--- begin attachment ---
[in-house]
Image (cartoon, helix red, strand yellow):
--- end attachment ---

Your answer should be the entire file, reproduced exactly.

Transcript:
[in-house]
Image (cartoon, helix red, strand yellow):